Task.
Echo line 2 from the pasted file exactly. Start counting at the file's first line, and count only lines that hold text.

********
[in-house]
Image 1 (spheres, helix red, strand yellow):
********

Image 1 (spheres, helix red, strand yellow):